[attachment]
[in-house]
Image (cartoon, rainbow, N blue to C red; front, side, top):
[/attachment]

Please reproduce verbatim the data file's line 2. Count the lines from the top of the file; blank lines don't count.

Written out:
Image (cartoon, rainbow, N blue to C red; front, side, top):